Welfare Nonprofits in Israel: A Comprehensive Overview
Author: Shavit Madhala, Michal Almog-Bar, John Gal Policy Research

Executive Summary

Civil society organizations (or nonprofit organizations) are playing a growing role in the field of welfare in Israel. In 2016, 43,000 nonprofit organizations were registered, a particularly high share of organizations per capita. Of them, 15% were active in the field of welfare.

However, to date, there has been a lack of data on the scope of these organizations’ activities and funding. A new Taub Center study, conducted in cooperation with the Center for the Study of Civil Society and Philanthropy at the Hebrew University, maps out the welfare nonprofits in Israel.

The study includes an analysis of active organizations working in the field of welfare between the years of 2013 and 2016 whose annual revenues exceeded NIS 500,000 – a total of 748 organizations. The research examines characteristics such as sources of revenue, the number of paid staff and volunteers, and the target populations they aim to reach.

The organizations are classified according to how long they have been operating, the scope of their economic activity, their geographic distribution, and other characteristics.

Many organizations are intended for the Haredi society, but few for the Arab Israeli society

Of the welfare organizations analyzed in the study:

  • 7% have services designated for the Arab Israeli population, while 23% are intended for the Haredi sector.
  • About one-fifth of the organizations serve the general population, about one-fifth are intended for children and youth, and the remainder focus on target populations such as people with disabilities and the elderly.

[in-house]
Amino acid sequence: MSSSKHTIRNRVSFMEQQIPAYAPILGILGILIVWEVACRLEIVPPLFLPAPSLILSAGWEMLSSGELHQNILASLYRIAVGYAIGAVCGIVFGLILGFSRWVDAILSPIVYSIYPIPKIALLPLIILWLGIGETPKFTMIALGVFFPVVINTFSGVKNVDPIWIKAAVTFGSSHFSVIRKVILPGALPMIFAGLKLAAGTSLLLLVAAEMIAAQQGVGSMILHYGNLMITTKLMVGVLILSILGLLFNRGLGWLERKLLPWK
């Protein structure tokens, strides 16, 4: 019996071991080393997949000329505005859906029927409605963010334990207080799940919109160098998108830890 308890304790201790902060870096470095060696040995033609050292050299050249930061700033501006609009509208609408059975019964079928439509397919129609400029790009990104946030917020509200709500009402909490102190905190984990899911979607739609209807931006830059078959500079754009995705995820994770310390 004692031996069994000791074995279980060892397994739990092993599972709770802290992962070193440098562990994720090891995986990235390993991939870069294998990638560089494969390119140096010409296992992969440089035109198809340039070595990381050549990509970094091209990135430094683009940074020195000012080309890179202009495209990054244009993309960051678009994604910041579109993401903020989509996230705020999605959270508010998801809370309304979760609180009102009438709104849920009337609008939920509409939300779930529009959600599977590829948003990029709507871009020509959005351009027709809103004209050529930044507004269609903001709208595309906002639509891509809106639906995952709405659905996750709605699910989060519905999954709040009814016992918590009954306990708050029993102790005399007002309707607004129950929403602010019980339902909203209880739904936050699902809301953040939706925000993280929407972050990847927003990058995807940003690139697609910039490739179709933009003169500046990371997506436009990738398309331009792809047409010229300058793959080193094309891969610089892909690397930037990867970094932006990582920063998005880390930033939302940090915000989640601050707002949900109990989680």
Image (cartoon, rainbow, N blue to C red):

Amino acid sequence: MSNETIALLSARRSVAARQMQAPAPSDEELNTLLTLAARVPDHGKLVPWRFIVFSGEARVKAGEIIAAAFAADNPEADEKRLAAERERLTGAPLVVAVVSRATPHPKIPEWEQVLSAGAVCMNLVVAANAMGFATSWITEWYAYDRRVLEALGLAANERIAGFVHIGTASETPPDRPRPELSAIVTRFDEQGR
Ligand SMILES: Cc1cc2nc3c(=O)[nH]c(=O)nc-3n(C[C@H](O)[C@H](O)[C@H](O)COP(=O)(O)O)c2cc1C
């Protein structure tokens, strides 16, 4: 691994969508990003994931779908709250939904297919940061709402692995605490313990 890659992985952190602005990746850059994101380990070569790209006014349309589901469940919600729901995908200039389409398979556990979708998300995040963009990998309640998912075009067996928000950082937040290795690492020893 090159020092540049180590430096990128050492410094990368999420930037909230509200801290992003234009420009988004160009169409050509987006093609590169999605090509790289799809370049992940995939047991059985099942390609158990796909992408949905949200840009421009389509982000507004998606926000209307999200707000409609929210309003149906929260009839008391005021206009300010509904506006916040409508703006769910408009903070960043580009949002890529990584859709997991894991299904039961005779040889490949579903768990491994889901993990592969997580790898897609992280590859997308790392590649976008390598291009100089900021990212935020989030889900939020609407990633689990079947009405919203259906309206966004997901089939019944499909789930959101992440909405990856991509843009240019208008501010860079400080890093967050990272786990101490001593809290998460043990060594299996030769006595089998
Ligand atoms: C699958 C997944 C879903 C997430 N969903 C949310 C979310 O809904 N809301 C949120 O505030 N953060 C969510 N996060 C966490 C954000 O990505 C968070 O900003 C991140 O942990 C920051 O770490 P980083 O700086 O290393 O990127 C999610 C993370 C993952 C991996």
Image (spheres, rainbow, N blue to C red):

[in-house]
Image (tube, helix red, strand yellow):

• About one-fifth of all organizations are new (have been operating for under 15 years) and, among the organizations focusing on the Arab Israeli and Haredi populations, the share of new organizations is relatively large.
  • About 20% of the nonprofits are national organizations operating in five or more locations throughout Israel. About 20% of Arab Israeli organizations operate nationally, compared with 13% of Haredi organizations.

Organizations’ financing comes primarily from the provision of services and from public sources

The total revenue of the welfare nonprofit organizations examined in the study amounts to NIS 13.8 billion a year. 23% of that sum goes to organizations working with children and youth, 22% to those focused on the elderly, and 21% to those addressing the general population. The main sources of revenue are the provision of services (39%) and public funding sources (34%). Additional funds come from donations and bequests (25%).

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  • Among Arab Israeli organizations, the majority of funding is public (57%) whereas, among the Haredi organizations, funding from donations is prominent (38%).
  • Most of the revenue of more longstanding organizations (operating for more than 15 years) comes from the provision of services and public funding while, among newer organizations, most revenue comes from donations.
  • The vast majority of government funding (85%) goes to large organizations with an annual revenue of over NIS 10 million. Similarly, about half of philanthropic donations go to organizations whose revenues are in the top decile of the income distribution (the top 10%).

  • Only about 2% of donations go to Arab Israeli organizations, while the share of donations received by Haredi organizations is relatively high – 30%.

Personnel in organizations is largely reliant on volunteers

Personnel in the examined organizations stand at 370,000, of which 66% (243,000) are volunteers.

  • Most of the volunteers can be found in nonprofits that focus on families (31%) and working-age adults (17%). A particularly high percentage of paid staff can be found in organizations that care for the elderly (33%).
  • About 87% of the organizations’ personnel are concentrated in the large organizations, and it seems that among small organizations, the proportion of volunteers is higher.
  • Only 1% of total personnel are either employed or volunteer in Arab Israeli organizations, compared to 11% in Haredi organizations.